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Inspector Imanishi Investigates (Soho Crime) Paperback – July 1, 2003


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Editorial Reviews

From Publishers Weekly

The corpse of an unknown provincial is discovered under the rails of a train in a Tokyo station, and Detective Imanishi is assigned to the case. "Matsumoto is reputed to be Japan's leading mystery writer; this 1961 work is proof that he is a first-rate novelist," judged PW.
Copyright 1990 Reed Business Information, Inc. --This text refers to an out of print or unavailable edition of this title.

About the Author

Native of Fukuoka Prefecture and prolific writer of socially oriented detective and mystery fiction, Matsumoto debuted as a writer after reaching the age of forty with the historically based Saigo Takamori Chits, 1950, and The Legend of the Kokura Diary, 1952. He then went on to establish his unique style of detective fiction with the works The Walls Have Eyes, 1957, and Points and Lines, 1958. Matsumoto made a name for himself as the writer of suspense novels that were accesible to all kinds of readership, but it was his historical novel The Ogura Diary Chronicles that earned him The 28th Akutagawa Prize, the Japanese equivalent of the Pulitzer Prize. The popular Japanese TV show "Black Leather Notebook" was based on his novel of the same name, and several of his detective fiction works have been published in the US (SoHo Crime and Kodansha International).
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Product Details

  • Series: Soho Crime
  • Paperback: 313 pages
  • Publisher: Soho Crime; Reprint edition (July 1, 2003)
  • Language: English
  • ISBN-10: 1569470197
  • ISBN-13: 978-1569470190
  • Product Dimensions: 5 x 0.9 x 7.5 inches
  • Shipping Weight: 11.2 ounces (View shipping rates and policies)
  • Average Customer Review: 4.3 out of 5 stars  See all reviews (27 customer reviews)
  • Amazon Best Sellers Rank: #877,300 in Books (See Top 100 in Books)

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Customer Reviews

Seicho Matsumoto is writing about Japan for Japanese readers.
Michael Valdivielso
As I read this book I could hear the cadence of the Japanese in my mind, envisage the depth of the bows and who was bowing more deeply to whom.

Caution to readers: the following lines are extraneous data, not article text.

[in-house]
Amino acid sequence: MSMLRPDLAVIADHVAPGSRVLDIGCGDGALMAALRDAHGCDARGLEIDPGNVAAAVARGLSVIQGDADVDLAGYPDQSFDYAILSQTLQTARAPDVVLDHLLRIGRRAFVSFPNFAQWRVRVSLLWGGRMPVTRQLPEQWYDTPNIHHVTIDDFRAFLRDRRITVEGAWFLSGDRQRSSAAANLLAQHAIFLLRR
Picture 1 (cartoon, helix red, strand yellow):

Michael Sharpston
I feel like I have seen a particular portrait of Japan in the decade or so after the war destroyed so much.
One Jen of Many

Most Helpful Customer Reviews

36 of 37 people found the following review helpful By Michael Valdivielso on July 31, 2003
Format: Hardcover
Inspector Imanishi is trying to solve a murder with only one clue, the name Kameda. This story is a police procedural story that does a good job of showing us Japan in the 60s, where youth worships the new idols, such as young actors and musicians, and ancient heritage fights with political upheaval. The old and the new meet in post-war Japan, yet it is not thrust down our throats.
Seicho Matsumoto is writing about Japan for Japanese readers. He does not need to explain every single detail of culture and society. He does a great job because, frankly, it was published in 1961!
What you get is a fast flowing, showing-us-not-telling-us, novel of Japan and one character who has to swim through it to solve a crime. Once you pick it up you won't be able to put it down till you finish.
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16 of 16 people found the following review helpful By Amazon Customer on August 8, 2000
Format: Paperback
This is a terrific mystery that requires a bit of patience on the reader's part. Inspector Imanishi is the quintessential salaryman for whom the traditional values of hard work and self sacrifice pay off. Mr. Matsumoto expects no less from his readers. This is a real puzzler and a terrific Japanese slice of life. It's not an easy read, but if you can let yourself be drawn in to the story, it is most rewarding.
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11 of 11 people found the following review helpful By Hans Castorp VINE VOICE on July 25, 2005
Format: Paperback